• 21. Top 25 (as of Dec. 2006) 11 FPS M 5.50 Unreal Tournament 25 7 FPS M 5.94 Halo: Combat Evolved 24 10 RPG T 6.00 Star Wars: Knights of the Old Republic 23 7 Sim E 6.18 Nintendogs 22 8 Strategy M 6.25 Resident Evil 4 21 9 AA E 6.32 Legend of Zelda: The Wind Waker 20 8 RPG T 6.35 Neverwinter Nights 19 7 FIGHTING T 6.67 Soul Calibur 18 9 ACTION M 6.95 God of War 17 10 MMO M 7.00 World of Warcraft 16 12 AA M 7.04 Deus Ex 15 9 FPS T 7.47 GoldenEye 007 14 10 FIGHTING T 8.03 Metroid Prime 13 11 Sport T 8.18 Tony Hawk's Pro Skater 3 12 11 AA T 8.42 Shadow of the Colossus 11 9 Sim RP 8.50 Spore 10 13 AA R 8.57 Grand Theft Auto III 9 14 Sport T 8.69 Tony Hawk's Pro Skater 2 8 15 AA E 8.78 Prince of Persia: The Sands of Time 7 10 AA E 8.93 Legend of Zelda: Ocarina of Time 6 13 AA R 9.02 Grand Theft Auto: San Andreas 5 13 AA R 9.47 Grand Theft Auto: Vice City 4 13 RTS T 11.08 Black & White 3 13 FPS M 11.17 Halo 2 2 16 AA M 12.70 Half-Life 2 1
  • 22. Methodological Synergy Behavioural Analysis Structural Analysis Ethology Ontological Excavation Game as Object Game Ethology (dynamic) Game Structure (static) Game Design Documents Reverse Engineering Behaviour Studies
  • 23. Methodological Synergy Behavioural Analysis Structural Analysis Ethology Ontological Excavation Game as Object Game Ethology (dynamic) Game Structure (static) Game Design Documents Reverse Engineering Behaviour Studies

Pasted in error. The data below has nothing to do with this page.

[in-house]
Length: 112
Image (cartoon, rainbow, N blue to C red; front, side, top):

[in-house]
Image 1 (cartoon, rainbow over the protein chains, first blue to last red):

• 24. Ethology
    • Animal Behaviour
  • 25. Ethology
    • Lorenz & Tinbergen credited as the fathers of modern ethology
    • Goes beyond structure
    • Studies subjects in their natural habitats
    • Attempts to answer:
      • Why do they do the things that they do?
      • What good does it do them?
  • 26. Ethology
  • 27. Ethology
    • Causation . What are the stimuli that elicit the response, and how has it been modified by recent learning?
    • Function : How does the behaviour impact on the animal's chances of survival and reproduction?
    • Development : How does the behaviour change with age, and what early experiences are necessary for the behaviour to be shown?
    • Evolution : How does the behaviour compare with similar behaviour in related species, and how might it have arisen through the process of phylogeny?
  • 28. Game Ethology
    • Causation (interaction) . [How does it work?] What are the stimuli that elicit the response, and how has it been modified by recent interaction?